Langoustine Tartare with Mandarin and Bottarga

One of the best dinners we’ve had so far this year was at La Madia in Sicily. One of the dishes there was Battutino di gambero rosso, maionese di bottarga di tonno e olio al mandarino.

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The dish at La Madia

This is what I wrote in my review: “Carpaccio of prawns, flattened into a perfect disc, served with a bottarga mayonnaise and mandarin olive oil. It was suggested to spread out the ‘mayo’, which we did, and it was a great combination with the prawns and didn’t overpower them. Great balance of flavors, although I may have liked a slightly ‘fresher’  taste.”

The type of prawns used in this dish is not available fresh in the Netherlands, but I love raw langoustines (scampi) that are locally caught. When I saw fresh langoustines at the market, I decided to create a dish that was inspired by the combination of flavors at La Madia. The result was an appetizer of langoustine tartare with mandarin zest infused olive oil, mandarin juice, bottarga, and mandarin. It was very nice as a small appetizer (amuse bouche). The flavors worked very well together, and I liked that it was ‘fresher’ than the dish at La Madia. The dried bottarga was not as smooth as the bottarga mayo at La Madia, but it was nice all the same.

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Langoustines always look great on a plate, so I did a plating that was similar to a previous dish I created with langoustine tartare (with green apple). This dish is quite simple to make as long as you can find sushi grade langoustines (or sushi grade jumbo shrimp) and bottarga. Here’s what I did.

Ingredients

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For 4 servings as amuse bouche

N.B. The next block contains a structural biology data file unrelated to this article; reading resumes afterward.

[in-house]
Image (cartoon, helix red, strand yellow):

8 medium langoustines

3 Tbsp good quality extra virgin olive oil

1 mandarin

2 tsp bottarga

salt to taste

Preparation

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Zest the mandarin. Try to get only the outer layer, not the bitter white pith underneath.

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Combine the olive oil and the mandarin zest in a bowl. Cover with plastic wrap and allow to infuse for at least two hours or overnight.

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Wash the langoustines under cold running water. Take the meat out of the langoustines. Remove the ‘vein’. Wash the meat  under the cold running water and pat dry with paper towels. Chop into tartare. Reserve the four best looking heads with claws for garnish.

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Filter the mandarin zest out of the oil, using a spoon to get out as much oil as possible.

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In a bowl combine the langoustine tartare with the bottarga and the mandarin infused olive oil.

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Add the juice of half of the mandarin. Season with salt and stir to mix. Taste and add some more salt and/or mandarin juice and/or bottarga if needed. Peel the other half of the other mandarin and break into individual segments (you will need 4). Remove as much of the white pith as you can.

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Arrange a head with claws of a langoustine on each plate with a small heap of the tartare. Finish with a mandarin segment.

Wine pairing

Citrus goes well with riesling, and we enjoyed this with a nice riesling from Alto Adige. A good prosecco would also work.

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12 thoughts on “Langoustine Tartare with Mandarin and Bottarga

  1. This looks and sounds fabulous. I will have to keep this one mind when the market gets some fresh jumbo shrimp. Fresh langoustine are not an option in this area. I would also imagine this would be great with lobster which we can buy live. 🙂

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  2. Looks and sounds delicious! Thankfully I live on the Texas Gulf Coast and we get beautiful fresh jumbo shrimp anytime we want.

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  3. Another wonderful dish, Stefan. Although I can get langoustines, none are sushi grade and I’d have to ask around to find shrimp that “make the grade”. It would be worth the effort in order to give this dish a try.

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  4. Pingback: Tagliolini ai Funghi di Bosco (Fresh Pasta with Wild Mushrooms) | Stefan's Gourmet Blog

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